Medical and Health Precautions
If you are planning to move to Tanzania, it’s best to go to your doctor to check that all your routine vaccinations are up to date and to discuss any other health precautions you may need to take. The risk of catching serious diseases like hepatitis A, typhoid fever, malaria, dengue fever, and rabies is quite high. The HIV/AIDS rate in the country is also high, affecting almost 5% of the population. Yellow fever is low risk in Tanzania, but you may want to consider getting vaccinated if you plan to visit yellow fever endemic countries that neighbour Tanzania (i.e. Kenya).
You may also want to consider anti-malarial medication. Personally, I do not take them as I live in a low-risk area and don’t want to pump my body with medication over an extended period of time. Instead, I take other precautions like regularly spraying my home and walls with insecticide, using mosquito repellent and long-sleeved clothes at night, and sleeping under a mosquito net. I do however use antimalarials if I am visiting high-risk zones near the coast or rural areas. Or you may just want to use them during the high malaria season from May to July. For more information on malaria, visit Malaria Spot.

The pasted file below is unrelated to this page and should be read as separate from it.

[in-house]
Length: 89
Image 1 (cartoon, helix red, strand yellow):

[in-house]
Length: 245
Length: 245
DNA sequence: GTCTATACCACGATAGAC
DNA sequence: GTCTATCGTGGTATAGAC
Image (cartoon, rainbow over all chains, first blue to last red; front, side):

Click below for information about health services in Arusha
Healthcare and medical insurance:
While the quality of most healthcare facilities is not quite up to the same standard as most Western countries, you will find some reputable hospitals/clinics in the major cities that are perfectly capable of dealing with most health issues. I found that talking to expats is the best way to find out which local GPs, private clinics and pediatricians to go to when certain medical care is needed. There are also plenty of pharmacies (duka la dawa) around to give advice and medication on minor complaints.
In more serious cases, you may be flown to Kenya or Johannesburg. Therefore it’s important that you have medical insurance that covers evacuation. There is public health insurance available in Tanzania, but you would have to discuss with your employer whether you will be covered or not. If not, then it’s advisable to sign up for a comprehensive private health insurance plan either with your company or on your own with an international insurance company. Make sure that you know exactly what your plan covers before moving to Tanzania.
If you’re travelling to Tanzania, you must have a negative COVID-19 (RT-PCR) test result taken in the 72 hours before your arrival, complete the Ministry of Health’s online surveillance form in the 24 hours before arrival and take a rapid test on arrival. Depending on your origin or transit countries you may also be required to undertake 14 days quarantine at your own cost. Confirm COVID-19 requirements with local authorities and your airline(s) ahead of travel. Follow the advice of local authorities and COVID-19 infection prevention and control measures.
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